Welcome back to part two of the State of Things in Music report. Last week we launched Part One, highlighting projects, trends, and processes that are occurring within the music3 space, as well as potential consequences and future considerations.
As we have seen in the last year, the music industry is undergoing a period of ongoing, ongoing innovation, with various communities being built around mutual trust in these revolutionary technologies and a shared belief in a future where artist, fan, and collector are slowly merging into one.
We are currently going through the process of building web3 (the new internet), which ultimately leads to ideological debates, especially regarding legacy music business structures. This so-called battle between innovative new approaches and more traditional legacy approaches is resulting in an unprecedented amount of innovation and ideas, making the music technology industry a very interesting market to watch.
Tools that improve user experience will have a big role to play in the coming years. The fact is that, since last year, more has been invested in NFT tools for artists than in the artists themselves. It highlights the fact that at this point in the adoption curve, these tools are extremely vital in helping the overall user experience and implementing the right tools will help further drive adoption.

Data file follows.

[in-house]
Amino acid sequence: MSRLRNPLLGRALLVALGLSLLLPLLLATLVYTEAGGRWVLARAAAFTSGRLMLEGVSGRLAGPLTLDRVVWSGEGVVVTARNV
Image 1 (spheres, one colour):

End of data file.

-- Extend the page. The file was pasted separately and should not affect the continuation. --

They are necessary to remove different kinds of frictions that platform users face, and thus help improve accessibility and overall experience. Consequently, these tools will take different forms, such as helping users simplify more complicated tasks, such as introducing a fiat currency payment option with a credit card, and improving task complexity by allowing more customization and control. of the minting process, for example.
As popularity and adoption continue to grow, so does the number of new ideas, platforms, projects, and new users. In the foreseeable future, it is very likely that the further development of tools will push these processes further and, over time, make them more accessible and user-friendly for the general population.
It is certainly no secret that there are massive environmental concerns surrounding the CryptoArt industry. These concerns stem from the fact that most of the cryptocurrencies used to buy and sell NFTs are responsible for a substantial amount of carbon dioxide emissions.
All coins that work with the proof-of-work mechanism, such as Ethereum, rely heavily on computing power and energy to verify transactions, and thus become extremely unethical tools with respect to very relevant climate concerns. As a consequence of this development, there is a significant number of artists and creators who see the benefits of the CryptoArt world, but do not use or defend the technology simply because of their stance on the climate situation.
That brings us to an interesting situation, where the technology itself gives a lot of hope in terms of equality and redistribution of wealth within the music industry, while at the same time having the very costly downside of contributing to environmental pollution. Of course, it is impossible to predict the future turn of events, but it is nevertheless important to mention possible solutions to the problem that may materialize in the foreseeable future: